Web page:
The day after Budget 2018 proposed LTCG tax on equity and equity oriented mutual funds, life insurers saw an opportunity to push ULIPS as the “go to” instrument now. Abandoning mutual funds in favour of ULIPS only to avoid the LTCG tax is like undergoing chemotherapy to shave a head (Robin Williams*). In this post, I present a single most important argument to never touch a ULIP.
* Robin Williams was referring to Micheal Jacksons habit of taking power painkillers just to go to sleep!
This is an ad by ICIC Pru Life Insurance.
What is a ULIP? A ULIP is a combination of a life insurance cover and a mutual fund managed by the life insurance. Each year the cost of the life insurance cover will be deducted by removing ULIP fund units from your account. Hence unit-linked policy. As you age, the cost of life insurance increases (unlike term insurance). At the same time, as the value of your ULIP fund increases, the cost also decreases. Once the fund value exceeds the sum insured, the unit reduction will stop, but this takes several years. Read more: How ULIP Charges Reduce Returns!
In addition, there is a fund management charge taken from the fund value. Currently, this charge is well below that of regular mutual funds and a touch below or equal to direct mutual funds. There may be other charges like premium allocation and policy administration as a percentage of annual premium
Something that takes this long to explain should be avoided!!
ULIPS vs Mutual funds
Discussions on ULIPS vs mutual funds are often only about costs. I too have been guilty of this in the past. This is flawed because investors are missing the most crucial difference between ULIPs and mutual funds.
Let assume that both mutual funds and ULIPs have the same expenses (this is not true as mfs are less expensive when combined with a term plan, but please play along).
Then, ULIPs gains are tax-free and mutual fund LTCG is taxable. If we look no further then ULIPs seem “good”? Hang on.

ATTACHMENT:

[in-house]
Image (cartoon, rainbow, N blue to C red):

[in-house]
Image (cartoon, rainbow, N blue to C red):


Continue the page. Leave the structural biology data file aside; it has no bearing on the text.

Some questions for mutual fund investors?
Have you ever worried about the star rating of your fund? Changed funds when it lost stars? Changed funds when returns were poor?
Do you see ULIP investors talk about star ratings (it is available at Morningstar). Do you see them exit a ULIP after few years and buy a new one? Relatively speaking, the answer is a practical no.
The ULIP is meant to be a marriage in which you grow old in (literally as costs depend on that). And like marriages, it is purely a matter of luck if your ULIP does well. If it does not (many ULIP buyers don’t look!) then you are trapped. Sure, sure you can exit and buy a new ULIP at an older age, higher premium and higher (repeated) cost. Brilliant!
Ulips bring forth the true meaning of “never combine insurance with investing”.
I hate the NPS for the same reason too. You do not get married to your fund managers! If they are not performing, chuck them and find another one. while you do this, you do not jeopardize your life cover. That is taken care of by a term plan with constant premium which seems smaller and smaller due to inflation and a higher salary.
This is why mutual funds + term insurance is so much more superior to ULIPs. Forget the costs! The flexibility to move in and out as we please is essential for risk management in equity.
The fund manager risk is ULIPs is the real risk! In mutual funds, I can change fund managers at any point or shift to index fund at will.
Sure, now there is a 10% tax when I do the switch. So what? Will you take a chance of being stuck in a bad investment just to save some tax? If so, good luck with your ULIP purchase.
If you value a tighter control on your portfolio and flexibility, then this tax is of no consequence to your plans!
Time to think like a rich person and not worry about peanuts! That is the way to become rich. May we all lose and gain lakhs in the equity market each day so that unnecessary gymnastics like worrying if ULIPS are better or thinking about booking one Lakh LTCG each year to save 10,000 a year (a year!!) does not seem such a big deal to us!
Stay away from ULIPs, not because they are expensive, but because you could get stuck within a terrible marriage.
What if I invest in multiple ULIPS? Sure, a scattergun approach will get your somewhere, but who knows how far that would be from your target?
Investing is only for spending money latter, for a future goal. To achieve this, tighter control of the portfolio with risk management is essential. Ulips allow this, but only within the same establishment! It is like saying you can buy mutual funds but only from X or Y AMC. That is what a ULIP is! Oh, I forgot being unit-linked, it will remove units from your fund value (like trail commissions) to pay for your life insurance.